Why you should start taking naps


Homework piles on my desk and fills the tabs of my computer. Trying to get through all of them to the best of my ability feels like running against the wind. So, I do the most logical—and first—thing that comes to mind: take a nap.

It’s ironic, and I know it, but the benefits far outweigh the harms. Mental health is such a big talking point for people of all ages right now. Relaxation techniques are becoming more prevalent in forms like meditation, yoga, therapy, working out, or breathing techniques. Although I can’t speak for how beneficial goat yoga may be for some, napping is what works for me. Everyone should have some way to deal with everyday stress.

Naps are my source of relaxation. I’m a busy person. I am active in sports, volunteering, clubs, music, and academics. As these responsibilities began requiring more and more dedication, free time became a thing of the past. I would spend 8 hours in school, 2 hours at soccer practice, another 2 hours at marching band rehearsal, and end my day by doing all the homework that had accumulated. That wasn’t the only factor causing this overload. After quarantining for a year, it became extremely difficult to hang out with friends and doing stuff other than what I was responsible for felt like a chore. To put it simply, I got too comfortable.

Unintentionally, I found myself napping out of desperation for a boost. I got my energy back throughout the day. I felt more excited to do things. I even used napping as a source of knowledge as I researched the best nap lengths, napping places, and alarms, and even googled “best napping tips.” It became a part of my routine that I felt incomplete without. Others who are overworked or feeling burnt out, I believe, can easily rethink their position with something as simple as a nap.

The first step to preventing overworking and burnout is to recognize what both look like. According to an article published by Psychology Today, burnout is the overall exhaustion that is developed through prolonged or repeated stress. An indicative notion that burnout has occurred is the feeling of loss of control, whether it be from work, tasks, or responsibilities. This phenomenon has been perpetuated throughout our culture. This can be seen in the recent increase in mental health awareness. The CDC notes that over 50% of Americans will be diagnosed with a mental illness at some point in their lifetime. Mental illness can cause a wide range of challenges, from anxiety and depression to trauma and addiction.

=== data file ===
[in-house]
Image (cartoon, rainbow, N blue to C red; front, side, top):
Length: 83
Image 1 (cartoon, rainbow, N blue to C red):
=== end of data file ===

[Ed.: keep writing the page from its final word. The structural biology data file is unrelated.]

This is where naps come in.

They promote a balance between work, daily tasks, relationships, and life. I sometimes nap when I am shifting my focus during the day. I can finish the school day, nap for 20 minutes, and be ready to work out or do some homework. My schedule hasn’t changed. The way I get through it has Everyone should have some form of self-care to relieve their stress. Even if it may seem meaningless to others, meaning is in the eye of the beholder. Ignorant people can call me lazy. They don’t know anything. Other so-called “busy people” can call it a waste of time. I don’t care.

Before getting carried away with all the reasons you should nap, remember that everything has its risks. Much like burnout and mental health, truly efficient naps require one to know their body and themselves. Napping for too long can have negative effects on nighttime sleep as it resets your circadian rhythm. The exception to this is if you are preparing to lose some sleep that night due to extra work or if you are already running on little sleep. Not knowing how fast your body falls asleep may also cause unwanted grogginess. Naps seemingly turn into a complex topic compared to the popular perspective of just falling asleep in the middle of the day, but being able to regain the control that you once felt you lost is much more rewarding.

My purpose isn’t to force everyone to start taking naps. Although, a national naptime sounds amazing. Informing others that there is a reason we have a national mental awareness month and that the next step is to start dealing with their own stresses would be a success. So, to initiate that first step, try controlled breathing, meditate, do a body scan, try yoga, and pray.

Or if you can’t make up your mind, just take a nap.